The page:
I'm in. I've completed the forms, signed the disclaimers, agreed to the protocols and submitted the 20-year-old passport photographs.
The paperwork has all been done. I am now a fully accredited member of the media covering the XXth Commonwealth Games.
The final part of this labyrinthine/Kafkaesque registration process took place at the SECC on Monday. Now I've never actually attempted to escape from Guantanamo Bay, so I can't speak with any hard-won experience, but I suspect that to do so would be a whole lot easier than trying to negotiate the ring of steel that surrounds the main media centre in Glasgow.
I'm told that a laminated pass and a quick bag-check is all that will be needed to get back in there over the next couple of weeks, but I'm still tempted to take tunnelling equipment and grappling irons, just to make sure.
In fairness, these processes have become pretty much standard at major sporting events over the past couple of decades. To begin with, it was all about weeding out the chancers who just fancied watching a bit of sport for free (apparently this is a bad thing) but, post 9/11, the focus swung round to identifying bug-eyed jihadists and suchlike.
Before September 2001, all you had to do was provide reasonably credible evidence that you were, indeed, a sports hack - haggard expression, chronic halitosis, calamitous personal life, that kind of thing - but afterwards things became trickier. Suddenly, we were being asked if we wanted to overthrow the government of the United States. And we soon found out that "who wouldn't?" was not the recommended reply.
All of which tested the patience, forbearance and level-headedness of people who have never exactly been renowned for those qualities. For as inconvenient and infuriating it often is to have to jump over administrative obstacles and leap through security hoops just to get in, it is still a heck of a lot easier than trying to cover something you've not actually seen. And besides, there's always the bag.
If libel writs are the Oscars of this business, then laptop bags are the fridge magnets. They trace your movements in a been-there, done-that, got-the-bag kind of way.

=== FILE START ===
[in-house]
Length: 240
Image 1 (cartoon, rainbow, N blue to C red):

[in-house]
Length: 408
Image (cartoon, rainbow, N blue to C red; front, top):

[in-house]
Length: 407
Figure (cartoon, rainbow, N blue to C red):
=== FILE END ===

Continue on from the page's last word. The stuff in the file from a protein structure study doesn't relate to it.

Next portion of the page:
Sign on at an event of any stature, and nine times out of 10 you'll be given one emblazoned with the competition logo. Believe me, I have a pile of the things in the loft. Anyone got a nipper starting school next month? Now I'm not being ungrateful, but I've never quite understood this enthusiasm for handing out bags. As a rule, I try to ensure that I am well-furnished in the bag department beforehand, and usually pitch up with one of my own rather than pushing my belongings along in a wheelbarrow. "Oh, how generous," I still say when the thing is handed over. "I'll just put this nice bag in my, er, bag."
Just to add to the absurdity of it all, it is a faux pas of magisterial proportions to use your new bag at the event you are actually covering. It might have been crafted from carefully selected Bhutanese goatskin and hand-stitched by Louis Vuitton's finest leather workers, but you would be inviting scathing derision from your colleagues to put it to immediate use. "Oh, how awful!" they would exclaim. "You're using the bag! Did you come here with a wheelbarrow?"
It goes without saying that Bhutan's goats have not been significantly endangered by the production of media laptop bags. There is no polite way to put this, but they (the bags, not the goats) are typically not of the highest quality, and have a useful life that can be counted in days rather than weeks.
Amazingly, the BBC commentator Bill Johnstone still carries one he was given as the 1995 Rugby World Cup. His colleagues now gaze at this museum piece (the bag, not Bill) in wonder and awe.
Of course, the receipt of the bag is only the first part of the process. After a polite interval, and having removed yourself a discreet distance, there is then the frantic search through the dark recesses of the bag for anything remotely useful that the organisers/sponsors may have popped inside.
For the record, the Glasgow 2014 bag contained a pen and a miniature of whisky. The whisky, according to the nice lady at the reception desk, is for that flashpoint moment when the pressure of covering the Games all gets too much. Remind me, what time is Rod Stewart due on?
Both pen and whisky appear to have been donated by event sponsors. Now I have no principled opposition to the misuse of public funds for the benefit of passing sports hacks, but I thought I should throw that in for those who have. They might also be comforted by the tragic fact that the golden age of bungs and backhanders is long gone from the scribbling business.
Time was when golf was that golden trough. The golf writers lived charmed lives, for they typically returned from tournaments with twice the luggage they took there. The late Dai Davies, for many years golf correspondent of the Guardian, once told me of an event in the early 1980s where the organisers showed uncommon generosity even by the standards of those times.
"Full set of clothes," recalled Dai with relish. "Including underpants." As Dai was quite a few portly pounds north of 20st, it was not an attractive image.
AND ANOTHER THING
Being a bit of a curmudgeon about such things, I've been grumbling away in best Meldrewesque fashion as the Queen's Baton Relay has made its cheesy, happy-clappy, traffic-disrupting way round the country - indeed, countries - ahead of the Games. When the baton arrives at Celtic Park tonight, the Queen will unscrew/uncork/whatever the baton and read out her address. All will be forgiven if she keeps this to two words: "Buckingham Palace."